No action on science ed standards

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The Senate Education committee took no action on the temporary science education standards in a public hearing Wednesday.

Before it received pubic testimony on the standards, the committee heard from a rules administrator on what would happen if it took action.

Administrative Rules Coordinator at the Department of Administration, Dennis Stevenson said that since the standards were adopted as a pending rule three years ago, it will be approved unless action is taken to stop it. He furthered that a concurrent resolution must be approved by both the House and Senate chambers to alter or stop the rules’ implementation as written by the State Board of Education.

Last week, the Idaho House Education committee partially adopted the science standards. A motion from Rep. Scott Syme, R-Caldwell, removed one section on climate change and earth science and removed all supporting content in the science standards. All other standards were approved.

In all the public hearings at the House and the Senate panels, there was broad public support for adopting the standards.

Members of the committee that developed the standards said Wednesday the supporting content standards provide guidance to teachers on how to make decisions on curriculum.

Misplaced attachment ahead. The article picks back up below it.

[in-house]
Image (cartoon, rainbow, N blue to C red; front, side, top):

“That supporting content tells teachers what they need to teach students to prepare to perform to that standard. There’s a wealth of information of supporting content and without that in there, I feel it would be very broad and it will burden our teachers to interpret those…,” said Charles Taylor, the science and social studies supervisor for Boise School District. “The supporting content standards are huge for teachers, especially for elementary teachers who don’t have that background in science.”

Taylor served on the committee that recommended the standards. Another member of the committee, who has served on it for roughly 15 years, also spoke at the public hearing.

“The first goal of the supporting content was that it provides local, relevant examples that teachers could use. And if you look in the supporting content, there is the word could… these are simply a choice for teachers,” said Angela Hemingway, executive director of the STEM Action Center.

Wednesday was the only day of public testimony for the Senate panel. It will vote on adopting the standards at an undetermined date.

Kyle Pfannenstiel covers the 2018 Idaho Legislature for the University of Idaho McClure Center for Public Policy Research.

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